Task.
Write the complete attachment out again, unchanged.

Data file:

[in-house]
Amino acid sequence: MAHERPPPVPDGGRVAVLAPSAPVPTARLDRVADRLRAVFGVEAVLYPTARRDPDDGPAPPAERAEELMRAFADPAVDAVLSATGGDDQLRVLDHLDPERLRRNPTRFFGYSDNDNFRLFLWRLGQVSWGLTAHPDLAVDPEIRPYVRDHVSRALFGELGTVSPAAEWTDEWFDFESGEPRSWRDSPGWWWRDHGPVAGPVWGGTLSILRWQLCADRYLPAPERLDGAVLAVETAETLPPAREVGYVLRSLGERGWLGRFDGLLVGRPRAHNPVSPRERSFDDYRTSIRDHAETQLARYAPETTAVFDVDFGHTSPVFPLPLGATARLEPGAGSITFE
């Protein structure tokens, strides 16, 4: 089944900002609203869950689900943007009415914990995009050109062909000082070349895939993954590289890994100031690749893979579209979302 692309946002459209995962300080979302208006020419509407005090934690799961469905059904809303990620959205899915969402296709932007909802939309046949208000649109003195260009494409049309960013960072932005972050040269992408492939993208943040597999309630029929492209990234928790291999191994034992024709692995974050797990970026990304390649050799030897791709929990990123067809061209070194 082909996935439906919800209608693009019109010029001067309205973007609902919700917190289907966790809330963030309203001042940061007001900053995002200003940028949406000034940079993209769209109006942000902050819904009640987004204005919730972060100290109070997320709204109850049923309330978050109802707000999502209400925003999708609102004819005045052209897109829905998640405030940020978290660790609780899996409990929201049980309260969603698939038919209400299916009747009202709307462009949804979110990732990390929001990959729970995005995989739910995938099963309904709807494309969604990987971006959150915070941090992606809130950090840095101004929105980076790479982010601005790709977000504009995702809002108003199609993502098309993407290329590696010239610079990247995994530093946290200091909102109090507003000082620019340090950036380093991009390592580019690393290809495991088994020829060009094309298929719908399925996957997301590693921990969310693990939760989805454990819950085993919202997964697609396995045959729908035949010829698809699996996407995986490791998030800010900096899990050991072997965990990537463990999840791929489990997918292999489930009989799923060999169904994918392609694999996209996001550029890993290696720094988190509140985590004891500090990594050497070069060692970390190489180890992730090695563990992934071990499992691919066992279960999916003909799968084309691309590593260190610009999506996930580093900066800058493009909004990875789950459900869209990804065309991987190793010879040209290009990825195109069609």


[in-house]
Amino acid sequence: MAHERPPPVPDGGRVAVLAPSAPVPTARLDRVADRLRAVFGVEAVLYPTARRDPDDGPAPPAERAEELMRAFADPAVDAVLSATGGDDQLRVLDHLDPERLRRNPTRFFGYSDNDNFRLFLWRLGQVSWGLTAHPDLAVDPEIRPYVRDHVSRALFGELGTVSPAAEWTDEWFDFESGEPRSWRDSPGWWWRDHGPVAGPVWGGTLSILRWQLCADRYLPAPERLDGAVLAVETAETLPPAREVGYVLRSLGERGWLGRFDGLLVGRPRAHNPVSPRERSFDDYRTSIRDHAETQLARYAPETTAVFDVDFGHTSPVFPLPLGATARLEPGAGSITFE
């Protein structure tokens, strides 16, 4: 089944900002609203869950689900943007009415914990995009050109062909000082070349895939993954590289890994100031690749893979579209979302 692309946002459209995962300080979302208006020419509407005090934690799961469905059904809303990620959205899915969402296709932007909802939309046949208000649109003195260009494409049309960013960072932005972050040269992408492939993208943040597999309630029929492209990234928790291999191994034992024709692995974050797990970026990304390649050799030897791709929990990123067809061209070194 082909996935439906919800209608693009019109010029001067309205973007609902919700917190289907966790809330963030309203001042940061007001900053995002200003940028949406000034940079993209769209109006942000902050819904009640987004204005919730972060100290109070997320709204109850049923309330978050109802707000999502209400925003999708609102004819005045052209897109829905998640405030940020978290660790609780899996409990929201049980309260969603698939038919209400299916009747009202709307462009949804979110990732990390929001990959729970995005995989739910995938099963309904709807494309969604990987971006959150915070941090992606809130950090840095101004929105980076790479982010601005790709977000504009995702809002108003199609993502098309993407290329590696010239610079990247995994530093946290200091909102109090507003000082620019340090950036380093991009390592580019690393290809495991088994020829060009094309298929719908399925996957997301590693921990969310693990939760989805454990819950085993919202997964697609396995045959729908035949010829698809699996996407995986490791998030800010900096899990050991072997965990990537463990999840791929489990997918292999489930009989799923060999169904994918392609694999996209996001550029890993290696720094988190509140985590004891500090990594050497070069060692970390190489180890992730090695563990992934071990499992691919066992279960999916003909799968084309691309590593260190610009999506996930580093900066800058493009909004990875789950459900869209990804065309991987190793010879040209290009990825195109069609």